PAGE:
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Re: [cdt-dev] Is there interest in a rewritten managed build?

Hi all


I have succeeded in running a test that creates a project based on a xml in plugin.xml; creates the makefile (not a good one but one anyway) and start the build.
On can also create the project with the CDT wizard and build.
The project type and schema ID are still hardcoded but that should be a simple fix.
The environment variables are needed to start the build.
So basically I now have one thin line going from start to finish and I'm now working on making the line bigger/stronger. This may sound basic but I think it is a big achievement because MBS is now working more the way I like it :-) Next step is to make the makefile work and get the hardcoding of the project type removed.
And clean clean clean

More questions

Apart from the continuing discussion below I have some new questions.

1) Is there added value to the Build variables? It looks like they are treated like standard variables to me. I think it is also confusing (which ones overwrite the others) So I'd like to dump them.
Anyone knows a good reason not to do so?

2)The schema does not only contain "field descriptions" for model input but also for storing values. I'm thinking about folderInfo fileInfo and resourceConfiguration. As I removed data storage from the model these have no real value except for ... something I'm missing.
Anyone knows about a usage for them?

Best regards


Op 24/01/2023 om 9:35 schreef Christian Walther:
Jan Baeyens <jan@xxxxxxxxxx> wrote:
1) Does anyone use (or knows someone who uses) the internal builder?
 From Indel, no to both. And in fact, I would be interested in the answer as well, because of the recent interest in where reviewing a patch to the internal builder would be involved.
I do not see any references towards internal builder in that defect. Are you sure you refer to the correct one?
Yes. The phrase "internal builder" occurs 11 times on the page.

Ok I missed that.

I have had these problems. it is one of the reasons I want to clean up MBS because now it is to difficult to do modifications.

Apart from the fact that I think clean should simply erase the whole build folder (including the generated makefiles) one could consider splitting the clean command in the clean rule.

Using the @ could fix the linker/archiver issues.

Internal build however is a different problem.

But if you look at you will see the zip contains a .cproject but also a .cdtbuild file.
Here the .cproject does not contain the "buildDefinition extension" but the .cdtBuild does.
Therefore I conclude MBS has a capability  to read the "buildDefinition extension"from a provided file. I see some rare usage for "expert users" but it can keep test data out of plugin.xml files. Both are "nice to have" features for little implementation cost.
So I was wondering whether the "buildDefinition extension in a file" feature was used outside of the managed build testing suite -or am I dreaming and is there no such functionality?-.
Thanks for the explanation. No, we don’t use anything of that and I wasn’t aware of it, our definitions are in plugin.xml and .cproject in exactly the same way as when you make a new managed build project in plain CDT. (I thought .cdtbuild was a precursor to .cproject, but I have no idea, I’ve never seen one.)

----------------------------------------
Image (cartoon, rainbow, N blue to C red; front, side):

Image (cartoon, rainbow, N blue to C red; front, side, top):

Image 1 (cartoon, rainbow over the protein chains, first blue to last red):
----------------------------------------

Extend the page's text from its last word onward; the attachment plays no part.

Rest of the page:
3) Does anyone use (or knows someone who uses) the toolchain editor (project properties->C/C++ build->toolchain editor)?
We don’t, and if I remember correctly, deeming it unsuitable was one of the reasons why we built a system of switching between different toolchains (different versions of GCC for different targets, and now also Clang) on top of what is a single toolchain to CDT/MBS. One of those early decisions that I would want to revisit if we were to start afresh.
I'm all ears about reasons of the different toolchains. Apart from having different options for the tools I can't see a benefit. I realize that this used to be different (way more differences between the tools and less standardisation) which forced the creation of this extra component; but I think today the benefit does not outweigh the disadvantage of using the same name for the provider of the tools as the linking between the tools.
It is one of the components that -if I do a sloeber only MBS- will be dropped; because the Arduino framework  provides the command line (including the options) and a folder to the tools.
But when I read "and now also Clang" I think "maybe I'm missing something".
If I understand the question correctly: The reason why the addition of Clang is pushing the limits of our single-CDT-toolchain model is that there is not a 100% overlap between command line options of GCC and Clang. E.g. the options for generating an assembly listing interspersed with C source lines are different, the Clang assembler doesn’t understand some options that are useful on GNU as, the way of passing options to the linker is different. So I ended up having to add differentiation facilities on our layer that might already have been solved on the CDT layer if we had modeled GCC and Clang as separate CDT toolchains (but that is speculation).

Now I think this feature is handy/usefull and even needed. But it should be named something like "tool provider".

This could direct the discovery and the command line options(as it already does).


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